When I handed my resume to the woman in the power suit, she took it from me, and bent her head to read it. The marble floors, glass partitions, and rich woods made me more conscious of the black permanent marker I used on my Kmart special black heels to hide a worn spot near the toe or the clear nail polish I used in the parking garage on a run on my panty hose.
A few minutes passed, and she looked up from the paper at me and said: “It sounds like you are applying to be a writer, not a receptionist?”
This was several years ago as a young woman applying to work at a magazine located in downtown Phoenix. There’s value in starting from the bottom. Whether you are a receptionist answering phone calls or a brand new missionary appointee learning cross-cultural communication and the complex issues regarding the peoples on the move, nothing is ever wasted. In fact, coming from a position of a learner and working your way up is better.
- You get to know the organization.
- People mentor you and you learn from this.
- God grows you through the experiences, mistakes, and successes.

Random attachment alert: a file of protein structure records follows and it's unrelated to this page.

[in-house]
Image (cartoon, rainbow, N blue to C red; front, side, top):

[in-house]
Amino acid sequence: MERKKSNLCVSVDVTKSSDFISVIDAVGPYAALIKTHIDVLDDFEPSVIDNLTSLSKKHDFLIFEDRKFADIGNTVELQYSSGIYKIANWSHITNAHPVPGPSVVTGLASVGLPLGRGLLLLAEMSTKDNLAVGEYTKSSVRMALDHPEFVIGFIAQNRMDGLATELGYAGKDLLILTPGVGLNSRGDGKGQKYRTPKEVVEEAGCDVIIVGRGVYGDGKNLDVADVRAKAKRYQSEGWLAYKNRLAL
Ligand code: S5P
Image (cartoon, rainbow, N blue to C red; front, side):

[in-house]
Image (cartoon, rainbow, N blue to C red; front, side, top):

- And no action is “beneath you” to do no matter where you go in life.
Today, I thought about that moment in the magazine office, and when I did, I felt a twinge of worry.
“Lord, how do I do this ministry? There is so much information to absorb and learn!”
Matthew 4:19 in the CEB returned to me:
“Come, follow me,” he said, “and I’ll show you how to fish for people.”
This time it held new meaning for me. Everyone begins somewhere in a new career. They learn new things, new habits, disciplines, and it can be challenging. God will show me how, not just in technology, but in cross-cultural communication, too. Already, I feel like I am changing as I wrestle with my own prejudices and political beliefs against what the Bible says. That wrestling though didn’t start with my appointment with WorldVenture.
A certain Latino pastor came into my life who started changing my worldview. WorldVenture simply clarified my direction.
Now my daunting task isn’t riding an elevator up a skyscraper and crossing marble floors as quietly as possible in uncomfortable black heels; instead, it is learning about the Peoples on the Move and reaching them through technology. I am not alone. Many wonderful people with WorldVenture and others around the world are taking up that call. I am praying for 100% funding by March, 2017.
When I see that deadline, I feel like that girl again in black heels reaching my resume across the desk to a woman in a power suit.
God says, “and I’ll show you how to fish for people.” He calls the unqualified.
Incidentally, I did not get the job at the magazine as a receptionist or a writer. As you can see, God had other plans for me.